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The arts have the remarkable ability to create a sense of togetherness, belonging and community. They can help decrease stress, loneliness and anxiety. They can provide opportunities to reflect, process experiences and feelings, imagine what our future might look like, and connect us through our common humanity. These are all things echoed in parks and recreation.
The park and recreation field has the unique opportunity to create a bridge of access to arts and culture for the community by making it attainable.
The Johnson County Arts and Heritage Center, managed by the Johnson County Park and Recreation District (JCPRD) Culture Division in Kansas, is comprised of Fine and Performing Arts, Theatre in the Park, the Johnson County Museum and the Rentals Department. Through the Fine Arts division, this facility manages five art exhibitions each year centered around public engagement with a focus on local artists, many of whom are up-and-coming.
The mission of the JCPRD art exhibitions program is to celebrate the diversity and rich culture of our home. It is our goal to create thought-provoking exhibitions that encourage a new perspective of Johnson County’s place within the global community.
The Johnson County Museum’s remarkable team moved quickly to respond to present times by creating a historical exhibition on pandemics, called Rising to the Challenge: Suburban Strength in Difficult Times. They reached out to the Arts Council of Johnson County and the Fine Arts department staff within JCPRD to collaborate and discuss the power of the arts in coping with the mental strain of this pandemic.
Questions these three teams sought to answer were: What is happening in our world right now? How is our community coping with the ripple effects of the novel coronavirus (COVID-19) pandemic? How can we become a beacon of light for our community and a resource through these challenging times?
These notions planted the seed for what would eventually become Resilience, Reflection, Rebuilding: Artists Respond to COVID-19, an art exhibition that hosts 54 local artists with 64 works of art, including painting, photography, mixed media, sculpture, textiles and multi-media.
For the exhibition, the teams put out a Call for Entry (CFE) requesting local artists submit works along with an artist statement in direct response to the global pandemic. They received more than 90 submissions from the CFE, and after difficult deliberation and with help from professional artists within the greater Kansas City region, a curatorial team narrowed the submissions down to what is currently on display. The curatorial team was comprised of myself; Allison Bowman, administrative assistant for the Arts Council of Johnson County and painter; Kwanza Humphrey, painter; Jason Piggie, photographer and videographer; and Andrew Ordonez, program supervisor for Imagine That! KC and mixed media artist.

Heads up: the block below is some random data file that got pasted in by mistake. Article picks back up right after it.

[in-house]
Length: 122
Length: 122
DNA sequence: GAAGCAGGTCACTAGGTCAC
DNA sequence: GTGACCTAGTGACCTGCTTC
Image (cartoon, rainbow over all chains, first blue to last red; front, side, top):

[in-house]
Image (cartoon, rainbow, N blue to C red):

Artist Adrian Marsh states, “…I knew I had to make a piece to reflect this historical time period, something people could look at in the future and clearly see what was going on.” And the art exhibit is just that. As artists, historians and art advocates for a better world, we felt compelled to provide a response to this pivotal period in our global history. In doing so, we were able to provide an outlet for our community during a time of great need as an essential resource.
Through the CFE, artists were asked to create a reflection of their experiences and feelings during the COVID-19 pandemic and to consider the pandemic as a catalyst toward change.
The response from the community has been overwhelmingly positive, which has prompted the JCPRD Culture Division and our partners, the Arts Council of Johnson County, to take further action by producing companion programming. These new programs will explore mental health and support through the arts, as well as artist and historical panels in response to COVID-19. Many of these programs will be virtual.
Engaging our community’s voice in recording our present-day experience, the Johnson County Museum Foundation has underwritten a people’s choice selection through digital voting. The artwork then will be approved by the Johnson County Museum Collections Committee to become part of the museum’s permanent collection as part of its “Collecting COVID-19” initiative. The winning artist(s) will be awarded a financial prize.
Resilience, Reflection, Rebuilding: Artists Respond to COVID-19 will be on display and free for public viewing at the Johnson County Arts and Heritage Center, located in Overland Park, Kansas, until January 22, 2021. In addition, the exhibition catalog is available online.
Devin Graham is Fine Arts Coordinator for Johnson County Park and Recreation District.